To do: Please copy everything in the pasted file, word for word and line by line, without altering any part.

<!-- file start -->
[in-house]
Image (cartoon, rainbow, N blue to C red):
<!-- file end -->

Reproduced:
[in-house]
Image (cartoon, rainbow, N blue to C red):